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# Application of integration question help (car moving)

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1. I'm unsure of why the position of the car will be given by the integral of v(t), my guess is that by using the limits and finding the are under the curve in the graph it will give the distance thus giving the position.

Question:
Assume that a car moves along a straight road with a velocity v(t), where v(t) is a known function of the time t. Explain why the position x(t) of the car after a time t=T will be given by the integral of v(t) between t=0 and t=T.
(assuming that x(0)=0 at time t=0)?

Here is my answer of how I think it works, I'm not too sure though and would like a longer answer showing better understanding but I can't really visualise it since there is x, v, and t, so I can't figure out a graph for it.

Answer: This will be given since by integrating with the limits t=T and t=0 it will work out the area under the curve.
2. (Original post by Sayless)
...
Simples. Velocity is the rate of change of position. So by the FToC, the position is the integral of velocity.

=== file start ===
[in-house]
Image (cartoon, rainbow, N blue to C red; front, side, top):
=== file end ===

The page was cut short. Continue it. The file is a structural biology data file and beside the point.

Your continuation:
3. (Original post by Zacken)
Simples. Velocity is the rate of change of position. So by the FToC, the position is the integral of velocity.
Velocity is the rate of change of the car position therefore we can say v = dx/dt.By integrating v(t) in respect to t by using integral of vt dt, we will be left with dx, as it will cancel out the dt which is the position of the car, therefore shown.Is that a better answer?
4. (Original post by Sayless)
Velocity is the rate of change of the car position therefore we can say v = dx/dt.By integrating v(t) in respect to t by using integral of vt dt, we will be left with dx, as it will cancel out the dt which is the position of the car, therefore shown.Is that a better answer?
I think you mean this:

.
5. (Original post by Zacken)
I think you mean this:

.
Perfect, thanks

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